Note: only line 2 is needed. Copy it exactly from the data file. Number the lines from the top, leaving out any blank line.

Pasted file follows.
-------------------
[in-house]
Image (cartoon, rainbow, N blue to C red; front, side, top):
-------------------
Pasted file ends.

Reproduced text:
Image (cartoon, rainbow, N blue to C red; front, side, top):